What is Whole Life Insurance?

Whole life policies provide secure financial investments with tax savings. At the same time, it gives coverage for the insured party’s family, which means that beneficiaries will receive proceeds from the insurance claim upon death of the policy holder.

A unique quality to whole life policies is that upon purchase, the policyholder is entitled to dictate the value of the proceeds. The lump sum can be as little as a thousand US dollars up to several millions. This makes it very flexible to the insured because the individual can get a policy that he or she can realistically afford to make payments on. The rate of premiums or payments is also affected by the health condition of the insured person. Other factors that have an impact on premiums are credit scores and the face value of the insurance plan. After such calculations have been made, the premium rates stays relatively constant throughout the duration of the policy given that the policy holder does not make any major changes to the plan. A portion of the premium payments will be invested by the insurance carrier for the policy owner. If the insured party decides to cancel the insurance policy, that individual still retains the invested amount together with the value of the interest growth.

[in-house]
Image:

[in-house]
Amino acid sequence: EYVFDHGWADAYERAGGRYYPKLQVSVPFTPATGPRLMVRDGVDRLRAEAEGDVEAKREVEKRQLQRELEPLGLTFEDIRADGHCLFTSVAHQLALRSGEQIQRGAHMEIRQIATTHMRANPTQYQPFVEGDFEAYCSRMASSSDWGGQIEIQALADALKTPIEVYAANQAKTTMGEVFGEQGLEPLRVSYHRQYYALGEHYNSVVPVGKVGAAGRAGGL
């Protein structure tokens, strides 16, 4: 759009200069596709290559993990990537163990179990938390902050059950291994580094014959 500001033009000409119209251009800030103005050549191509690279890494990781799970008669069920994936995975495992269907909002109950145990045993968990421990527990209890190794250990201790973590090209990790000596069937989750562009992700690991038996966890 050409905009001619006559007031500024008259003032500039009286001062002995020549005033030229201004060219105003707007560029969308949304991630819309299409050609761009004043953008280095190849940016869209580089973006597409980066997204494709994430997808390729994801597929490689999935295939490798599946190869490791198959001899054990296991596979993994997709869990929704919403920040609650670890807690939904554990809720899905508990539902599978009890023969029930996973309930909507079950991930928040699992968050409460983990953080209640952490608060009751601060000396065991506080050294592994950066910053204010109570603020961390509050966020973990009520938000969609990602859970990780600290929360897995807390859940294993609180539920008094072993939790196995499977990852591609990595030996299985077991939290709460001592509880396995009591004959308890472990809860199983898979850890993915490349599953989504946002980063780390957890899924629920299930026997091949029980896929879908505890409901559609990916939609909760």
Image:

Compared to other insurance plans, whole life policies are quite expensive. It’s wise to purchase only if a person could afford a decent amount for the face value. Premiums come cheaper when you apply for it at a younger age and when you are relatively healthy. Some elderly citizens use whole life policies as estate planning tools. They feel more secure with the knowledge that coverage does not expire in these types of plans. If your family has a history of known health conditions, consider applying for whole life insurance at a young age because of the risk of being declined by insurance carriers in the future.

Several types are available for these insurance policies. The traditional policy guarantees death benefits and cash value that grows with interest over time. Ask the insurance broker or agent to compute the policy worth in the future.

Variable policies allow the policy holder to allocate money in other investment options. However, the disadvantage is that the future value of the plan is unknown given that there is no specific rate of return. Also, the insured party shoulders the risk of losing money.

Single payment policies are often used for the purpose of estate planning. Life insurance payouts are exempted from tax. These types of insurance policies are often used to avoid payment of estate taxes and the process can be quite lengthy for documentation and approval. Sometimes, a single payment, which is almost the same value as the policy, is made when policyholders can afford to do so.

In order to be reassured of your investment, choose an insurance carrier that has excellent ratings from independent companies that conduct studies on financial institutions. Steer clear from corporations that have less financial strength compared to others despite the tempting offers!